She credits her upbringing in a military family and her service experience for pointing her toward law school. As she lay in bed at Wake Forest Baptist Medical Center, she saw how she’d become “stuck” feeling sorry for herself, but realized that the tragedy maybe, just maybe, could have a silver lining. Law school was always in the back of her mind, so she decided to apply to Elon Law, where she began taking classes in 2013.
Moy’s attitude and approach to her legal education has caught the attention of faculty and classmates. Betsy Lamb L’16 befriended Moy shortly after they arrived together at Elon Law in the summer of 2013 and has often witnessed Moy’s humor diffusing awkward conversations. Moy also reminds Lamb that life, as well as the law, isn’t always fair, but that how someone responds to their circumstances reflects character. “She’s been an inspiration to me,” Lamb says. “She never complains. Never. If she can do this, I need to stop complaining about my own problems. To have gone through what she has gone through and be where she is, it’s nothing short of amazing.”
Her professors agree. “All tragedies have ironies,” says Catherine Ross Dunham, who taught Moy in three classes, including trial practice. “In hers, she’s probably going to end up more successful in life for having gone through this.” Assistant Professor Antonette Barilla, director of academic support and bar preparation at Elon Law, says Moy exemplifies the famous saying: “We are what we repeatedly do. Excellence, then, is not an act, but a habit.”
“After one of our first in-class written assignments, Deborah asked if she could come and chat with me about what she perceived to be a less-than-quality submission, but was actually a very impressive work product,” Barilla says. “She dissected the assignment in my office, carefully scrutinizing every nuance of the applicable rules, every variant in the analysis, and every detail related to the answer’s form and structure. It was that kind of consistent and genuine interest in her learning that quickly propelled her to the top of the class.”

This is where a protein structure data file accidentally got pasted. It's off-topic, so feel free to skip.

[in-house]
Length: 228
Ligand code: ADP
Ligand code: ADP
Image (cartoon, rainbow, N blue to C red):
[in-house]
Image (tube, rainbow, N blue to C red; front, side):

Moy spent the summer preparing for the bar exam and hopes to practice disability law with a focus on veterans. North Carolina is a military-friendly state with Fort Bragg, Camp Lejeune and Seymour Johnson among the most prominent installations for tens of thousands of active duty military personnel. That also means there’s a sizable veteran presence in the state.
Moy’s interest in veterans was born of her personal experience. Her hospital recovery proved that some health care providers and hospital volunteers understand the emotional and physical needs of burn victims. Others understand the emotional and physical needs of amputees. But there are very few people who understand what it’s like to survive both types of injuries—the exception, of course, being service members who live through horrific attacks while serving overseas on the front lines. The law is there for those men and women, too, who need help claiming benefits due to them from their service.
Moy already has interned for the legal departments of the U.S. Department of Veterans Affairs in Winston-Salem and the Wounded Warrior Project in Jacksonville, Fla. She is now ready for her future courtroom battles.
“The law isn’t constrictive. It was not put into place just to punish wrongdoers, but to protect us. It’s our security blanket,” Moy says. “Being an attorney, first and foremost, is entering into the service industry, and I know that my experience will allow me to be an effective advocate.”